April 25, 2023

Harriet’s story: Rare fetal heart tumor successfully removed by maternal-fetal-cardiology team  
At their 20-week ultrasound, baby Harriet’s parents learned she had an extremely rare cardiac tumor called a pericardial teratoma, making her chance of survival less than 40 percent. From 2000-2020, only 55 fetal pericardial teratomas were reported worldwide.  

Harriet’s parents were referred to the Midwest Fetal Care Center (MWFCC), a collaboration between Allina Health and Children’s Minnesota, where they would be under the care of a multi-disciplinary team of highly trained surgeons and maternal-fetal medicine experts. Dr. Lisa Howley, director of fetal cardiology at Children’s Minnesota, Dr. Joseph Lillegard, director of open fetal surgery at MWFCC, and Dr. Saul Snowise, medical director at MWFCC cared for Harriet in-utero as they made plans for her delivery. 

The MWFCC team delivered baby Harriet through a complex c-section procedure called Ex-utero Intrapartum Treatment (EXIT), where the baby’s arms and chest are delivered first while the head and legs remain in the uterus. Harriet remained attached to the umbilical cord and placenta to receive oxygen, blood and nutrients while Dr. Lillegard, Dr. Frank Moga, associate chief of cardiac surgery at Children’s Minnesota, and her care team removed about 80 percent of the tumor.  

Read Harriet’s full story here. 

Program growth for ENT and Facial Plastic Surgery program 
Due to growth in the Cleft and Craniofacial program, the specialties are being split into their own respective multidisciplinary subspecialty programs effective immediately. The subspecialties will continue to be part of the Ear, Nose, Throat (ENT) and Facial Plastic Surgery program, the only pediatric ENT program in Minnesota dedicated exclusively to kids with disorders of the head and neck.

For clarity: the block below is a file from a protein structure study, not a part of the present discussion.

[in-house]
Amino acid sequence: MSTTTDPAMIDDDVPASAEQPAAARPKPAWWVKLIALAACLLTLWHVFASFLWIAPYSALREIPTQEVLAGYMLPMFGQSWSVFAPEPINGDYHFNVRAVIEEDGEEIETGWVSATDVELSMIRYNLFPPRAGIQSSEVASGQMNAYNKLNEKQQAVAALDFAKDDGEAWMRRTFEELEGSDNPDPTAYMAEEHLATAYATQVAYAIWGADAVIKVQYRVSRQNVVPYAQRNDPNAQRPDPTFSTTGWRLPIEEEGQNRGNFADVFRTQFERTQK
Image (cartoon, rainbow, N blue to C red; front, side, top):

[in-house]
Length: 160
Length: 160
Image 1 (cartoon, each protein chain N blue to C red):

Dr. Robert Tibesar will move from serving as medical director of the Cleft and Craniofacial program to director of the Craniofacial program. Dr. Brianne Roby will serve as director of the Cleft program. Dr. Roby will continue to serve as director of the ENT and Plastic Surgery Fellowship at Children’s Minnesota.

Patients will continue to see the same multidisciplinary team of providers in the same clinic locations. Read more about the program and leadership changes here
Register now: Twin Cities Pediatric Update, Sept. 21-22, 2023
Two keynote speakers have been announced – and you won’t want to miss them. Register now for the 5th annual Twin Cities Pediatric Update conference!
  • Dr. Roy Antony Guerrero, MD, FAAP, was the only pediatrician in Uvalde, Texas, on the day of the horrific Robb Elementary school shooting. He will talk about being called to the hospital to assist that day and what has happened in Uvalde since the shooting.
  • Emma Benoit was left paralyzed after she attempted suicide at age 16. Her painful experience led her to help others with her story and shine a light on the youth suicide epidemic.